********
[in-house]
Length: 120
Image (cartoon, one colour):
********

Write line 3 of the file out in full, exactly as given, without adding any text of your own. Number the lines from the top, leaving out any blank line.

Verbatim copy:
Image (cartoon, one colour):